• The Making of Heist
• Deleted/Extended Scenes
• Cast-Crew Interviews


I didn’t enjoy “Heist” that much, but I didn’t hate it either. It falls in that middle of the road grooves that allow it to just keep on chugging. The acting isn’t anything special, but Jeffrey Dean Morgan manages to keep himself rather palatable, despite the inclusion of the emotionless Gina Carano and Dave Bautista’s overacting. Audio is quite nice, and while the video is a bit rough here and there, it’s at least livable. While the extras aren’t exactly top notch, they are still there and are actually rather interesting. Worth a cheap rental at the very least.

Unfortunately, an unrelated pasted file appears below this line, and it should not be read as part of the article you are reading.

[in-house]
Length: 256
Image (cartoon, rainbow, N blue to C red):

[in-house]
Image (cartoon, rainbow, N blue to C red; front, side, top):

Additional Information:

Starring: Dave Bautista, Jeffrey Dean Morgan, Robert DeNiro
Directed by: Scott Mann
Written by: Stephen Cyrus Sepher
Aspect Ratio: 2.39:1 AVC
Audio: English: DTS-HD MA 5.1
Studio: Lionsgate
Rated: R
Runtime: 93 minutes
Blu-ray Release Date: December 29th 2015

Buy Heist On Blu-ray at Amazon

Recommendation: Cheap Rental